Organic VegetablesMaster Gardeners of Northern Virginia manage the Organic Vegetable Garden at Potomac Overlook Park in Arlington. Each year, this demonstration garden produces hundreds of pounds of produce which it donates to the Arlington Food Assistance Center. The following Notes from the Field, compiled by Judy Johnson and Judy Salveson, highlight some of the challenges the garden faced in 2018 due to record-breaking weather.

  • In late February, we found some spinach, kale, tatsoi, cilantro and arugula had survived the winter.
  • Because the weather was so cold and wet in March, seeds for most cool weather spring crops were put in later than usual and did not have enough time to get established before hot weather hindered their growth and quality. Peas were not successful.

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I See Differently Now

By Alyssa Ford Morel, Certified Extension Master Gardener

The Virginia state insect, the Swallowtail butterfly, nectaring on Phlox paniculata, garden phlox, at the Glencarlyn Library Garden. Photo © Alyssa Ford Morel

The Virginia state insect, the Swallowtail butterfly, nectaring on Phlox paniculata (garden phlox), at the Glencarlyn Library Garden.
Photo © Alyssa Ford Morel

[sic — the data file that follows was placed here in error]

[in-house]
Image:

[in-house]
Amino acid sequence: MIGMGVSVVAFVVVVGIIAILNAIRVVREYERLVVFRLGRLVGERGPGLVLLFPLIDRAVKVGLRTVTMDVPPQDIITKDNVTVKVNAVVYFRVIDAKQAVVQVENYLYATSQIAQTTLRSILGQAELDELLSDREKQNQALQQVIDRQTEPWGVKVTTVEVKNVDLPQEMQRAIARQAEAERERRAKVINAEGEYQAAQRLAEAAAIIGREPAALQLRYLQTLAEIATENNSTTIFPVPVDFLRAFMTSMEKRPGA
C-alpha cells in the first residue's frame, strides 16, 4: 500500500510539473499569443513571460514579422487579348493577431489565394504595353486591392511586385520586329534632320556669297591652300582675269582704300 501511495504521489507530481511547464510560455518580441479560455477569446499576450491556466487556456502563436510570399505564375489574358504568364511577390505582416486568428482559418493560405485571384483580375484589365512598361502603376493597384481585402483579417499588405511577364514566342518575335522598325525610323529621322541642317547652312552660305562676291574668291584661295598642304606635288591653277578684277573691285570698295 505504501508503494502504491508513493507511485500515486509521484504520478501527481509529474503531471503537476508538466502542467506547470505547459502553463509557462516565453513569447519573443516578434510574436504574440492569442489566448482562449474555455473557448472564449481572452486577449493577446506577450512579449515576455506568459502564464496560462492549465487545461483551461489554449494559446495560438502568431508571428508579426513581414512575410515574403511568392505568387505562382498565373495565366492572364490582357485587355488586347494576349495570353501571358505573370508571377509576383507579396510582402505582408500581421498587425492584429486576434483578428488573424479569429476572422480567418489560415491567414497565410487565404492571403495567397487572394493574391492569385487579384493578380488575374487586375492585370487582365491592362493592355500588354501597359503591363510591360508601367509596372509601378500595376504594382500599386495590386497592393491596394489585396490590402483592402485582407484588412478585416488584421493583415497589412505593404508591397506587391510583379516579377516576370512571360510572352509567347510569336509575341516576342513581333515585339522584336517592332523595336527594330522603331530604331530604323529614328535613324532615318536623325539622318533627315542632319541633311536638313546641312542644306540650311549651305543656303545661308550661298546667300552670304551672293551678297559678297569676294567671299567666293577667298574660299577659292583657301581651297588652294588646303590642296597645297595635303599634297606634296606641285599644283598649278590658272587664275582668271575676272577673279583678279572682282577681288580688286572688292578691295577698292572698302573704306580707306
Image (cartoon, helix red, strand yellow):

Nearly 20 years ago, I had a life-changing surgery. Since adolescence, my vision had become progressively more near-sighted, and by my early thirties, my uncorrected vision was 20/800. Contacts or glasses were a constant necessity. When I read without glasses, the pages of a large book would brush my nose when turned. Then a co-worker discovered that our agency’s insurance would pay 100 percent of the newly popular lasik surgery. Word spread through the office as one employee after another had the procedure, raving about the results. I became the 12th member of our work team to undergo the treatment.

The result felt like a miracle. The day after my procedure I was gardening in my front yard (with safety glasses  on to ensure no debris would damage the surgeon’s work), unable to stop laughing with sheer amazement at how sharp everything looked. Passers-by gave me strange looks – which I could see!